7 Shots Every Golfer Needs And How To Play Them

In this video, Neil Tappin is joined by PGA Professional Alex Elliott to talk through the 7 shots every golfers needs, and how to play them

7 Shots Every Golfer Needs And How To Play Them

This video covers everything from hitting fairways off the tee, controlling ball flight and getting up and down to save your score. These might not be the flashy shots that every golfer wants to play but they are the ones you’ll need to master if you want to get your handicap down.

WATCH: 7 Shots Every Golfer Needs And How To Play Them


7 Shots Every Golfer Needs And How To Play Them

7. Half-pitch shot

The main problem here revolves around incorrect setup. First things first, grip the club in the middle of the grip to shorten the club. The ball should be in the middle of the stance and the shoulders should be parallel to target line.

The lower-half should be slightly open too which allows you to open the body to the target. A lot of players when they stand square on, they get very scoopy with the club-face and the opening of the feet should help eradicate this.

6. A stock shot

Every golfer needs a stock shot they can rely on to get the ball in play and working out where your game sits on any given day plays a role in that.

For example Alex recommends just hitting five golf balls (3 with 7-iron, 2 with driver) to gain an understanding of what the ball-flight is doing on a specific day. That way the ball-flight can dictate to you how to play and what to cater for on the course.

Another handy tip Alex uses is to differentiate swing thoughts when playing. He uses a thinking zone to think about technique and swing thoughts first, and then when addressing the ball he is in the playing zone, where he lets the shot dictate the swing.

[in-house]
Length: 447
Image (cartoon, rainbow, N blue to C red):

5. Chip shot over a bunker/hazard

This is one of the most intimidating shots in golf and too many people try to play the shot like Phil Mickelson, which brings all the trouble into play.

At a base level it is probably better to overcompensate and try to land the ball in the hole like Alex mentions in the video.

Again setup is key here, ball position goes in the middle of the stance, use the most lofted wedge, keep the shoulders parallel to target whilst opening up the lower half.

The stance should be narrow, put your weight slightly on the left side and then commit to the shot because a lack of speed and commitment will result in a poor strike.

4. Punch shot

The main things we want to achieve in an iron shot are hands in front of the golf ball and making contact with the ball before the turf – a punch helps with both of these things.

Grip the club towards the steel of the shaft and the ball should go slightly back in the stance. Your weight should go slightly left and then open up the lower half and feet to avoid the ball squirting right. Alex also recommends swinging along the line of your feet too.

3. Chipping from bad lies

Taking the duff, thin and double hit out of play is the key here and there are two factors to consider. First, club selection is huge and second, setup plays a big part too.

In terms of club selection, usually specialist wedges have been designed to help here because they have more bounce and have been manufactured to improve your interaction with the turf.

In terms of setup, Alex recommends feeling as if the toe of the club is on the ground, stand a little bit closer to the ball and grip the club just short of the steel. Keep the weight left and feel as if the toe is brushing the ground during the swing.

2. Long-range putting

Getting the speed of the greens is key here and before the round Alex, instead of putting to the hole on the practice green, putts to balls to try and get a feeling for the pace of the greens.

This also tunes in the mind to focusing on the pace of the greens rather than be preoccupied with whether the ball went into the hole or not.

When you get out onto the course, when you are faced with a long putt, go to roughly halfway and make a triangle between the ball and the hole. Then walk back and this gives a great perception of distance and feedback.

1. Chip and run

We have all played this shot but most rarely practice it because it is not a glamorous shot. It also requires some thought too.

For a start, can you putt the shot? Second, if you want to chip it, then go and walk onto the green and see what the shot will actually look like. This will give you a better idea of distance and depth perception.

In terms of setup, it is best to stand closer to the ball compared to a normal shot and make the swing slightly wooden in form to get a straight back, straight through swing.


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